- Hand adjustment scroll saws: Is often employed by professionals who need finer adjustments, but it is unsafe and may cause injuries.
3. Scroll saw table tilt
A tilting table allows you to perform accurate bevel cuts, ensuring your workpieces match perfectly.
- Most entry-level and some mid-range machines come with tables that can tilt in just one direction, either to the left or to the right.
- Commercial scroll saws can typically tilt in both directions.
Most machines tilt to an angle of 45°, although there are exceptions.
4. Best scroll saw blades
The blades can make or break the deal when searching for the best scroll saw. There are two types of blades:
- Plain-head blades: Are used by most woodworkers due to their resistance and blade variety. They work great in tight spaces and are resistant, but they are harder to install.
- Pin-head blades: Are easier to change than plain-head, but they lack model variety and break easily. They also struggle to work in tight spaces, and most woodworkers avoid them.
Types of blade teeth
There are essentially seven types of scroll saw blades:
- Standard blades: Come with equally sized teeth positioned at even distances. These blades are constructed for either wood or metal; the former has larger teeth positioned at larger distances, whereas the latter has smaller teeth closer to one another.
- Skip-tooth blades: Are similar to the standard, but every other tooth is missing. The larger distance between the teeth promotes a better temperature management, keeping the blade cooler.
- Reverse skip-tooth blades: Very similar to the skip-tooth, this blade has some of the last bottom teeth pointing upwards instead of downwards. The design prevents premature tear out or splintering when cutting plywood.
- Double-tooth blades: Also similar to the skip-tooth, this blade has a larger space between every two teeth, providing smoother cuts.
- Spiral blades: Consist of multiple blades twisted in a spiral. This design ensures there are teeth on all sides of the blade, allowing you to cut in all directions without turning the workpiece. However, you won’t be able to use them to cut sharp corners and leave a very rough surface.
- Precision-ground blades: Another type of blade similar to the skip-tooth but equipped with small and very sharp teeth that leave a smooth finish when cutting in straight line. They are aggressive and less suitable for beginners.
- Crown-tooth blades: Among the latest scroll blade designs, the crown-tooth have teeth shaped like a crown with a space between each crown. Because of the innovative design of the teeth, you can position the blade either way in the saw, and although they cut slower, they provide great results on wood and other materials, including plastic.
Apart from the blades above which are more suitable for wood, there are many specialty scroll saw blades designed for cutting metal, plastics, and other materials.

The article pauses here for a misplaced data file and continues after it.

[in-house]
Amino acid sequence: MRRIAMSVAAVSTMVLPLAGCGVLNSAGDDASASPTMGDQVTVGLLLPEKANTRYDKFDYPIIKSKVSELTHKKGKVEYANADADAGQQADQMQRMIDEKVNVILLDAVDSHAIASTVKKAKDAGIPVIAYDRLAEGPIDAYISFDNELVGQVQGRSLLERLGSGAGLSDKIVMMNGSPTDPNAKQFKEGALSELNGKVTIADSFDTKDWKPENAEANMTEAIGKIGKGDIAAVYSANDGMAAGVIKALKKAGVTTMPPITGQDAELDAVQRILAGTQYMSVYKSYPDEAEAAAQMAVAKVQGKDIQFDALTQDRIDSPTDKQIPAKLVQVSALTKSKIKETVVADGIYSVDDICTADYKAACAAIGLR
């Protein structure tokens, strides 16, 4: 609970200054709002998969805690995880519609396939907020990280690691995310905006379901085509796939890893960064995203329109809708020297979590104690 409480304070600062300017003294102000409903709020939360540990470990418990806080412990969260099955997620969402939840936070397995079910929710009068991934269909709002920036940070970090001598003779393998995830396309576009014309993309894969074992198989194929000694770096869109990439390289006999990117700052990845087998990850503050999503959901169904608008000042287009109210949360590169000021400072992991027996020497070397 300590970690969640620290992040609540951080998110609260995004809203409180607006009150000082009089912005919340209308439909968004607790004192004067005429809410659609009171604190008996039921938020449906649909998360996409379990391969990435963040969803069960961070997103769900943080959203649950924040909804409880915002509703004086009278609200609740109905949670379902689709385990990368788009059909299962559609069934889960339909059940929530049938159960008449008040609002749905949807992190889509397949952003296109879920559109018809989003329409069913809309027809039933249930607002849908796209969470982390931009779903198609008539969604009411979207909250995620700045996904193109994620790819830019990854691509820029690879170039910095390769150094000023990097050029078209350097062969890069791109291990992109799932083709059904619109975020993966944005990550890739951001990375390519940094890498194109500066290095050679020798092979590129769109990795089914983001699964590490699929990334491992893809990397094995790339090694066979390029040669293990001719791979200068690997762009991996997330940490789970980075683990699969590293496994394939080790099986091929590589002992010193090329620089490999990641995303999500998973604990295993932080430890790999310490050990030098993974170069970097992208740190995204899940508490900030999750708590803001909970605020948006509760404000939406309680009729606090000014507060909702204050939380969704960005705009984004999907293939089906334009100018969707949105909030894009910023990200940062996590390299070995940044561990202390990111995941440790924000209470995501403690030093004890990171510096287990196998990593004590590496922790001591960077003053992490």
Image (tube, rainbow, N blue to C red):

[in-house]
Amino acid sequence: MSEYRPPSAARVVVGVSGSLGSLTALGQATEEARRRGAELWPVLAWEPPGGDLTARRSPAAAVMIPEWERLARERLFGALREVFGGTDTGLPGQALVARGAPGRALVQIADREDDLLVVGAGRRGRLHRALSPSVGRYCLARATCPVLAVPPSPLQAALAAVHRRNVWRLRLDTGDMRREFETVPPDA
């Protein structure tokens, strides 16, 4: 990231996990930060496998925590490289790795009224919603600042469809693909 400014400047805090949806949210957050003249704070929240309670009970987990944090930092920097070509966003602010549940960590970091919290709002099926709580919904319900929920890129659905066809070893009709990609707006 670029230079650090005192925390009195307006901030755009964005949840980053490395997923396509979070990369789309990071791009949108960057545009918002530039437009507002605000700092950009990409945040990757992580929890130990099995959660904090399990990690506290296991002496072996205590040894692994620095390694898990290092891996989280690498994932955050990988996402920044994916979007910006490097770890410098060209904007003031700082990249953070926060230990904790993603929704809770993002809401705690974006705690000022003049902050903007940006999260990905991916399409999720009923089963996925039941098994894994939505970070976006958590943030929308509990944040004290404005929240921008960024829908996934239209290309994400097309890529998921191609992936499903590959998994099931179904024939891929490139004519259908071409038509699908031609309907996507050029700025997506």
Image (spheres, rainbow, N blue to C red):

5. Blade tensioning
Operating a scroll saw means making frequent blade tensioning adjustments to ensure the blade will cut smoothly. That’s why it is important to choose a scroll saw that allows for a quick blade tensioning.
Some machines come with tensioning levers, others with knobs, but regardless of the tensioning mechanism, you should check:
- The material it is made from and its sturdiness
- Ease of use
The best scroll saws come with blade tensioning knobs located at the head of the unit, but don’t take this for granted. Many models, especially in the 16-inch range, come with tensioning knobs or levers located at the back of the unit which are very hard to access.
6. Other features to consider
A series of other features can make using your scroll saw much more enjoyable.
- Dust collection: Almost all scroll saws come with a dust collection system that can be either blow tube or compressor. The blow tube units tend to be more versatile due to the tube’s flexibility.
- Blade storage: Unless you’re planning to cut the same material and type of workpiece over and over again, you’ll most likely use a variety of blades. The best scroll saws come with integrated blade storage.
- Lubrication: High-end scroll saws typically come with greaseless bearings and bushings, but it’s good to check before you buy.
- Work light: Cutting intricate details or making curves cuts require a lot of attention. Integrated work lights illuminate your workpiece, increasing the precision.
- Tool stand: Scroll saws come either as tabletop or standalone units with integrated stands. The stand could be useless if you have plenty of bench space; standalone models, however, typically come with adjustable legs that allow you to adjust them at the most comfortable height.
- Rising top arm: Is essential for fret work, making cutting more comfortable.
- Quick clamps: Different projects may require different blades, and being able to change them easily can make a difference. The best scroll saws come with quick clamps that allow for a quick release and tightening of the blade.